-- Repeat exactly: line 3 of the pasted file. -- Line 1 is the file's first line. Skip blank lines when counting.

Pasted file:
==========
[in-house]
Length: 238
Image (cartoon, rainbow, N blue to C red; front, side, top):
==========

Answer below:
Image (cartoon, rainbow, N blue to C red; front, side, top):